y u mad, bro?

Standard: 

  • RL.9-10.4. Determine the meaning of words and phrases as they are used in the text, including figurative and connotative meanings; analyze the cumulative impact of specific word choices on meaning and tone (e.g., how the language evokes a sense of time and place; how it sets a formal or informal tone).

Learning Target: Student will discuss poetic meter, what happens in Circle 5, and take a stab at writing their own metered poem.

Activator:

Did anyone ever play that game, DJ Hero? No lie, when I was in college I was a mega fan of Rock Band. I had a group of friends that would get together and we’d play Rock Band all the time… I was the vocalist. Y’all, I cannot carry a tune in a bucket, but I was freaking awesome at Rock Band, because I’m such a visual person, and Rock Band allowed me to SEE when I wasn’t hitting the correct notes and change my pitch accordingly.

Don’t ask me to sing. No.

Anyway, there was a similar game called DJ Hero that I thought might be helpful in talking about poetry, as you can see above 🙂

Today we are going to be discussing the poetry of Dante. We haven’t discussed it too much so far, but while we’re mired in circle 5 (lol. ’cause it’s a murky river. geddit?) I thought it would be a chance to take some time to learn about it. And today we have a guest speaker…you may know her….may I present to you the FABULOUS MS. PAOLA!!!!

Paola is a teacher here, and she’s from Italy, so she’s coming in to read some of the Inferno to us in Italian. What’s my point here? I know y’all don’t speak Italian. My point is that even when you don’t understand the words, you can still hear the rhythm and the poetry of the words.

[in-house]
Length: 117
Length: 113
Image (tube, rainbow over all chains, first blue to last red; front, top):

Another experiment? Let’s play a little clapping game…

So, after Ms. Paola’s reading, we’re going to talk about what’s going on in Circle 5. WRATHFUL >:( and sullen :(….. Let me grab emojis for that, sec…

 Wrathful

Sullen 

And with that said, let’s talk limerick. It’s been on your poster project list since day one, but no one knew what a limerick is! Here’s an example:

The limerick packs laughs anatomical
Into space that is quite economical.
But the good ones I’ve seen
So seldom are clean
And the clean ones so seldom are comical

Yeah I pulled that from wikipedia. But the point is, a limerick is a 5 line poem with a specific rhyme scheme and meter that goes like this:

da da DUM da da DUM da da DUM

da da DUM da da DUM da da DUM

da DUM da da DUM

da DUM da da DUM

da da DUM da da DUM da da DUM

Here’s a math one:

	\frac{12 + 144 + 20 + 3 \sqrt{4}}{7} + (5 \times 11) = 9^2+0

This is read as follows:

A dozen, a gross, and a score
Plus three times the square root of four
Divided by seven
Plus five times eleven
Is nine squared and not a bit more

Another wikisteal. I’m on a roll.

Anyway, after discussing this and talking about meter, I’ll hand out your poster project slips for today. I want you guys to try the limerick! See if you can write one about circle 5! Remember, a limerick must:

  • Follow the specific meter as best you can
  • Follow the AABBA rhyme scheme exactly
  • Be FUNNY!

That’s it for today, y’all! See you tomorrow for circle 6!!!

Differentiation: Learning style (visual, auditory); product (choice in poster activity).

Assessment: poster activity (limerick) will be assessed.

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